Here's how I do it:
No software email client: I used to use an email client like Outlook or Thunderbird, but I found that by switching to a web interface for email I have much more control over it. I have multiple inbound email addresses -- two work addresses, a gmail address, an Apple email address, an alumni address, etc. I have all my mail forward into my personal email account, which is a Google Apps-hosted address. Here's what that looks like:
Using the web-based email interface also lets me leverage all sorts of great advanced stuff, like using Rapportive, Boomerang, and many other email tools that I rely on. Also, using the Google Apps interface for my email allows me to use Google's powerful "important and unread" feature which prioritizes emails from people I know or that Google otherwise thinks I should see first.
2009 Nat Geo article about The Hadza
The article provides an amazing contrast between that lifestyle and the "modern" lifestyle the rest of us lead. One passage got me really interested in how the change happened. The author wrote about how the Hadza lifestyle is one that's free of disease epidemics, war, famines, social stratification and more.
And even more intriguing was that for over 2 million years, humans' forefathers lived as hunter-gatherers. But then 10,000 years ago, something changed, and we started to domesticate plants and animals. As the article points out, that means for 99% of our existence we were hunter-gatherers, and only very recently did things change.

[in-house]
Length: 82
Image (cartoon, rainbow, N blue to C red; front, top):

I did some research to try to figure out what caused this change, dubbed the Neolithic Revolution. Was it one tribe that figured it out? Was it an environmental factor such as an ice age? Why did humans (and those that came before them) life a nomadic lifestyle for many millennia, and then abruptly switch?
There's a great article by Robert Strauss in Stanford magazine describing how his startup failed.
Kudos to him for writing the article. It's a golden opportunity for us to highlight some of the things he did wrong.
I'd love to hear your comments -- if you decided to go into the exact same business he did (selling a condom on a keychain), what would you have done differently?
The most glaring immediate error I see is that he pursued large quantity orders without fully testing the market. He was so focused on buying units in quantities of 10,000 that he didn't gauge demand and define success by making just a few prototype units first.